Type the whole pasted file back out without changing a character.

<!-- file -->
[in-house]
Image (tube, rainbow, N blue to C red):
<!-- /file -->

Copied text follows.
[in-house]
Image (tube, rainbow, N blue to C red):